Bob Cassilly Was Beaten to Death, Medical Expert Concludes

Oct 11, 2016 at 7:30 am
click to enlarge This image of the bulldozer, taken after Cassilly's death, shows the absence of blood on its dashboard. - PHOTO COURTESY OF ALBERT WATKINS
This image of the bulldozer, taken after Cassilly's death, shows the absence of blood on its dashboard.

It was no bulldozer accident that killed artist and City Museum founder Bob Cassilly. It was a brutal beating, subsequently staged to look like an accident.

That's the expert opinion of Dr. Arthur Combs, a longtime physician who examined newly obtained photos of Cassilly's death scene, as well as reports written at the time of his death in 2011 by the St. Louis Medical Examiner's Office. Combs surveyed the photos and reports at the request of the sculptor's widow, Giovanna Cassilly, and her attorney Albert Watkins.

In his report, Combs zeroes in on two key things: The nature and extent of Cassilly's wounds, and the absence of blood within the cab of the bulldozer where he was found.

Cassilly's death has been blamed on an apparent bulldozer rollover. But Combs' analysis focuses on the wounds to Cassilly's body, which he concludes simply do not fit such a scenario.

Combs notes that nearly all the ribs on both sides of Cassilly's body were fractured, which could not have come from a single blow or collision. He notes "defensive injuries" on his hands and fingers as Cassilly, 61, apparently tried to fight off his assailants. And the lacerations to his head were such that "the object responsible would be obvious if it were inside the cab" — yet no such item was apparent in any photos of the death scene.

"The hypothesis that these injuries could have occurred from a single slow speed inversion of the bulldozer is untenable," Combs writes. "Such severe and extensive injuries would not occur, particularly to an otherwise healthy man who was an experienced operator. Wounds this extensive would correlate with implicated particular structures in the cab that would have been conspicuously covered in blood, hair and tissue." Yet photos of the bulldozer on the morning that Cassilly's body was found show nothing of the kind.

Combs concludes, "The only plausible explanation, and my personal conclusion, is that Mr. Cassilly died from a purposeful beating — intentionally to death."

Bob Cassilly's body was found on the morning of Monday, September 26, 2011. His wife, Giovanna, was traveling in Los Angeles, and had become frantic after being unable to reach him the night before.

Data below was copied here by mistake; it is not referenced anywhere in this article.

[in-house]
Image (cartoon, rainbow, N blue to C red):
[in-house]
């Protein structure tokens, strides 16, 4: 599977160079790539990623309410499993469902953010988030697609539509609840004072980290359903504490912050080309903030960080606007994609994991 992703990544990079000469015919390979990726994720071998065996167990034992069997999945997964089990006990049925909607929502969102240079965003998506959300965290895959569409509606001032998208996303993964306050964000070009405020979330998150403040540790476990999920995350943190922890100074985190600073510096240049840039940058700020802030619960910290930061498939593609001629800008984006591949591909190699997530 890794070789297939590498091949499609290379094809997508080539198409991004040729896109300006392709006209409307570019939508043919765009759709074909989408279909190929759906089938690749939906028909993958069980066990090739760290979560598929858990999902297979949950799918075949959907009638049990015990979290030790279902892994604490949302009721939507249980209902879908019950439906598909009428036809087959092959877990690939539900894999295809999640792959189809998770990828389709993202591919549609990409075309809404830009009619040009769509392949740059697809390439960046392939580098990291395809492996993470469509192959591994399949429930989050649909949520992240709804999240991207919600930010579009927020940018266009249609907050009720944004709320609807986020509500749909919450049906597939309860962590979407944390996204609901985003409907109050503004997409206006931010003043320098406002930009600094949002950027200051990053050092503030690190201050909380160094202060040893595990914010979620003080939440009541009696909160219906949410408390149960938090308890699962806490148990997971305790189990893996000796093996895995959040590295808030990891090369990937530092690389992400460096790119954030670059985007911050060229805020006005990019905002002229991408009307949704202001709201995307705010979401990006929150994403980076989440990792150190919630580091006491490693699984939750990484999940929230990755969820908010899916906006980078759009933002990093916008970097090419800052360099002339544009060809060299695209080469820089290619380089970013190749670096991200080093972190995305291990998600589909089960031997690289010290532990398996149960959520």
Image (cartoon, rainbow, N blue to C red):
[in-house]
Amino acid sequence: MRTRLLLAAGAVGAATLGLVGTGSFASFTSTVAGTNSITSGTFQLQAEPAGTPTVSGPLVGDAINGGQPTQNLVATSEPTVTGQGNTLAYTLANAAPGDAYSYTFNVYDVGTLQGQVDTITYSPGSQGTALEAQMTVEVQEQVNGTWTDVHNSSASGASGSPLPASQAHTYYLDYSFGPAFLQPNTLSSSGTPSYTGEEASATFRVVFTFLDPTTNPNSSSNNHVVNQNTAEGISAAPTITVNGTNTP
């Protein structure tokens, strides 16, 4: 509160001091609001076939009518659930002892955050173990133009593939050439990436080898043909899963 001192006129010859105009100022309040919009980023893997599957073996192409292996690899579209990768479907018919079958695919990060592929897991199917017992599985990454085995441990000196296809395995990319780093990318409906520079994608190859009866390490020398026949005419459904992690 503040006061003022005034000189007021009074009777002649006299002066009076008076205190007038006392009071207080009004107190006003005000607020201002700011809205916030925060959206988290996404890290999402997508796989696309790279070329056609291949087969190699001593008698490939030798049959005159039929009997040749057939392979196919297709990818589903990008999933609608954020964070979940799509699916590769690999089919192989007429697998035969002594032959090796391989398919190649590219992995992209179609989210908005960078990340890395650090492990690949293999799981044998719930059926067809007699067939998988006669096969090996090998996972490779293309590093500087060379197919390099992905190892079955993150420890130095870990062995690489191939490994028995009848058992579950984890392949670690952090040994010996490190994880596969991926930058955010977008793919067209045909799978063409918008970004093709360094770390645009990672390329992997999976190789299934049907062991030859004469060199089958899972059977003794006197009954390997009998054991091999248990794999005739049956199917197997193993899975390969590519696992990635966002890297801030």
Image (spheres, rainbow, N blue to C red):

That Monday, members of Cassilly's crew discovered his lifeless body slumped in his bulldozer, which was parked at a precarious angle inside his unfinished magnum opus, Cementland. Within hours, the press was reporting that it had been a tragic accident.

But as the Riverfront Times reported earlier this year, Giovanna Cassilly has become convinced that her husband's death was murder. Our cover story, published May 31, detailed how investigators quickly settled on their theory of accidental death, leaving numerous questions unanswered five years later. No one ever established the time of death, much less pinned down Cassilly's movements on the weekend he was killed.

And that's even though fatal bulldozer rollovers are astonishingly rare. A study surveying mining accidents from 1988 to 1997 found just fourteen fatalities related to rollovers — and in every single case, the victim was either thrown from the vehicle, asphyxiated or drowned. Not one was found inside the cab with a fractured skull.

See also: "This Was No Accident," Bob Cassilly's Widow Says

The widow's attorney, Albert Watkins, has been trying to interest law enforcement in reopening the case. And after the RFT's story was published, he obtained new photos from the medical examiner's office that had been previously unknown to his client — photos that raise startling new possibilities.
click to enlarge Bob Cassilly Was Beaten to Death, Medical Expert Concludes

The photos clearly show a bloody patch and what appears to be a large rock in the shadow of the bulldozer. (See the photo below, which shows the bloody patch at the bottom right, beneath the bulldozer, as well as the photo at right showing a close-up view.) 

At the time, the medical examiner's office appeared to have found the area noteworthy — the bloody patch was photographed and marked with an evidence notation. Yet no mention of the finding appears in the report. 

Warning: The photos at the bottom of the next page of this story contain images that may be upsetting to some readers. The RFT is including them because they show the proximity of the bloody patch to the bulldozer; however, sensitive readers may want to stop reading now.